idigyourhair: No, but I want to. I feel unknown and feel I need to grow my brand in order to do that. I have made them slightly higher online.

 

normalish_: Nope. I don’t feel like I am because I’m stuck in this crazy Facebook bubble of small businesses that all feel like we can only charge so much. Even the customers in this bubble complain/dictate if your prices are higher than the average. I’m desperately trying to work my way outta there.

 

focsimama: I wasn’t but I will be once this new brand launches.

 

scentshomebodybaby: Agree with all these comments!! Just trying to charge enough for people to purchase to make my brand known. It’s so hard.

 

sasaloo.living: There is the never ending question!…. among others, lol.🤦🏻

 

MY THOUGHTS: Pricing is decidedly complex. It brings together many elements (brand presentation, audience awareness, consumer psychology, distribution strategy, tricky math… blech!) and we must take all of those elements together to create a narrative and a presentation that both taps our people and keeps food on our tables. That’s no simple task!

 

Finding the right people, crafting a capable narrative, and increasing your company’s ability to communicate value are all pillars of strong brand development. If you haven’t laid the critical foundation for your brand, then it’s virtually impossible to command the prices you want or need. I echo the sentiments above: we must break out of our bubbles by becoming aware of the larger competitive landscape and staying tethered to the players in that market. As to the $200 scarf question, I ask: Are there $200 scarves on the market? If so, there are $200 scarf people out there!

 

Not everyone can afford a $200 scarf, and not everyone who can afford it wants to spend that sum, but pricing runs along a spectrum. You could buy a new car for $12,000 (Smart cars) or a new car for $260,000 (hello, Ferrari!), and virtually every price point in between. The Ferrari peeps know their audience and they aren’t worried about the Smart car audience. It’s up to each of us to decide where on the pricing spectrum we want to play, and the key is to build value that’s commensurate with the price tag we attach to our work. You can’t sell a Smart car at Ferrari prices, but you can sell a Ferrari at Ferrari prices. And you’ll need to create a Ferrari-worthy experience for buyers at a premium price point.  Think: flashy showroom, attractive salespeople in elegant suits, champagne as you shop, etc.

 

We can all take the reigns on our pricing by doubling-down on our attempts to control costs and create efficiencies. In this case, every penny saved really is a penny earned. I’m often tasked with helping my clients develop more efficient production strategies, seek new suppliers, and offer a “bird’s eye” review of expenses to help trim things down. Once we’ve become as efficient as possible, then the work pivots to cultivating the customers we want, becoming more aware of the market, and sending the right signals to show that we’re creating premium products for a specialty audience.  It’s possible, I promise!

 

If you want to work on becoming more intimately aware of your audience, broadening your view of the marketplace, and upp’ing your brand presentation, then I invite you to explore Brick House Branding, my 9-week brand mentorship. Enrollment for the first live semester of 2019 opens on October 2, and the program is now available in an instantly-available “On Demand” version, too.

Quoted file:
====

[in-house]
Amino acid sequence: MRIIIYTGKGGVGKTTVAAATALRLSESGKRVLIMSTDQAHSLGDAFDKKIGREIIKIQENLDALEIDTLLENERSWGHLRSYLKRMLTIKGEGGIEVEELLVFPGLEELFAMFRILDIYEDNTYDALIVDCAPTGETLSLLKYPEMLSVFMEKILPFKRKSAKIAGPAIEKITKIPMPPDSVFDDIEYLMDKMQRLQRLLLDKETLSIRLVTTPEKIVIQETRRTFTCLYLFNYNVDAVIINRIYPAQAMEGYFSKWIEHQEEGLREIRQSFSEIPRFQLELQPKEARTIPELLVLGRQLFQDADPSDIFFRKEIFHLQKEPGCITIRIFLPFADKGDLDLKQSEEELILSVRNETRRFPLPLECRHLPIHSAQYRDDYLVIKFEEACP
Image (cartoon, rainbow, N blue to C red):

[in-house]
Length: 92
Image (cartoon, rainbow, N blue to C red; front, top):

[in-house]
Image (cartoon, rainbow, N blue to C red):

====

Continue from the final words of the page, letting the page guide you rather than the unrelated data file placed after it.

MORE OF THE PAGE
JOIN THE CONVERSATION

Be sure to stop by the Lucky Break Instagram, where every month we chat about all things business. I’d love to hear your thoughts and hope you’ll lend your voice. Search the #LBCWantstToKnow hashtag to weigh in! In August, we’re chatting all things website.

#LBCWantsToKnow >> June 2018: Holiday Wholesale Outreach

LuckyBreak-LBCWantsToKnow-Holiday

LuckyBreak-LBCWantsToKnow-Holiday

 

Every month, I ask my Instagram community to lend their voices to a focused business conversation so we can crowd-source meaningful discussions. I call it #LBCWantsToKnow and it’s one of my very favorite things of 2018! Though the mercury is peaking and all the wee ones are out of school at the moment, I’ve got the holidays on my mind… because the wholesale march generally begins in mid-summer.

 

When do you start planning for holiday wholesale outreach?

 

THE LUCKY BREAK COMMUNITY SAID: 

  • canardlabs: July 1st. Our Holiday Catalog Insert is launched and sent along to our reps and rep groups! We order the Fall/Winter ingredients in May. Make the products and photograph them in early June, then release them to our peeps by July 1.

 

  • olivemyskin: August is when I start. Keeping records from prior years helps tremendously. It make order placing easier.

 

 

MY THOUGHTS: The holidays often catch makers and product designers off guard and our holiday game plan needs to kick off much earlier than many new business owners realize. Buyers for most categories start scouting for new merchandise in late July and August.  If you’re ever perplexed by when they’re on the prowl, look towards the trade shows for your product category.  Those always occur in at the start of prime buying seasons, so it’s an way way to remember when you need to turn up the heat.

Many of us experience an annual retail slump in the summer months- retail consumers (both those that shop online and those who flock to brick + mortar stores), are otherwise distracted with summer plans. They’re out of rhythm, focusing on other endeavors, and we don’t have the benefit of any major gift-giving holidays in June, July, or August.  Though it’s painful to see revenues wither in these months, that also makes this period “prime time” for holiday prep. Finish up any new product development, tee up your fall releases, polish marketing materials, and line up a concerted push for wholesale attention. Then launch those efforts in August and keep the heat on for new buyers straight through late October.